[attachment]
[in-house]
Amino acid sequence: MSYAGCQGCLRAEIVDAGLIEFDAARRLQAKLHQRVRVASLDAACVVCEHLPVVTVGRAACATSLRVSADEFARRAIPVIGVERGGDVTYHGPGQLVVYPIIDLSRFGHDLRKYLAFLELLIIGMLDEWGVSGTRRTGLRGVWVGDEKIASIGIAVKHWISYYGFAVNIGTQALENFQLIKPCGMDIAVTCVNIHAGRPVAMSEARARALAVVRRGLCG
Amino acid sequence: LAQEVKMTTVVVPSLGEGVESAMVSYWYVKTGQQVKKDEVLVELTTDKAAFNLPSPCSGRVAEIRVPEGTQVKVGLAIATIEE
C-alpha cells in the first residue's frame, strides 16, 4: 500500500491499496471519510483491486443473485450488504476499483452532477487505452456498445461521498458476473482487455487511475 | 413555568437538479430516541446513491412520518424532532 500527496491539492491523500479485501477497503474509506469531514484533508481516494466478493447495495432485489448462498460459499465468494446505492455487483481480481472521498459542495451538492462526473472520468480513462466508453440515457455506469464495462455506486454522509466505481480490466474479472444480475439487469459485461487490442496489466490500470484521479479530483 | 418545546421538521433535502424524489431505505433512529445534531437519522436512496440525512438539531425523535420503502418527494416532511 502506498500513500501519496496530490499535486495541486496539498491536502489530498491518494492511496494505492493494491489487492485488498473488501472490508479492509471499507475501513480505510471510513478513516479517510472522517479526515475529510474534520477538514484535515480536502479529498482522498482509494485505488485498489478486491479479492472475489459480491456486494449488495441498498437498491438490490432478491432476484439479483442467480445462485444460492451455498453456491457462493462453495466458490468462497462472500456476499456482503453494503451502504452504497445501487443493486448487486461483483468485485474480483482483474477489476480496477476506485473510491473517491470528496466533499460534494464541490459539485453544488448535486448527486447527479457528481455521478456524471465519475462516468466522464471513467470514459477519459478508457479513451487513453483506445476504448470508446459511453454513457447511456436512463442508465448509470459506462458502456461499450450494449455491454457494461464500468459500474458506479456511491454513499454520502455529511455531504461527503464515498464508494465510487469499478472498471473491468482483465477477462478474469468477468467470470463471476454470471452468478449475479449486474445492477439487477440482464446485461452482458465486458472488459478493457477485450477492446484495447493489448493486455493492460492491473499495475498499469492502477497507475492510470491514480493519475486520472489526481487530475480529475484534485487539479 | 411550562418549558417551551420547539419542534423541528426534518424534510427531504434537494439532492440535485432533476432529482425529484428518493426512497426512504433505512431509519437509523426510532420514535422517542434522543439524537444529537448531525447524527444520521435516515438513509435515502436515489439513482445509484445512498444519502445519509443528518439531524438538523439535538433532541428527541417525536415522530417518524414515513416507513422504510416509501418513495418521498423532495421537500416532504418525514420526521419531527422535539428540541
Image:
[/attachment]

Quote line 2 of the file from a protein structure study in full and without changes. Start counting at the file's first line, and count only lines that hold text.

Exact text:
Amino acid sequence: MSYAGCQGCLRAEIVDAGLIEFDAARRLQAKLHQRVRVASLDAACVVCEHLPVVTVGRAACATSLRVSADEFARRAIPVIGVERGGDVTYHGPGQLVVYPIIDLSRFGHDLRKYLAFLELLIIGMLDEWGVSGTRRTGLRGVWVGDEKIASIGIAVKHWISYYGFAVNIGTQALENFQLIKPCGMDIAVTCVNIHAGRPVAMSEARARALAVVRRGLCG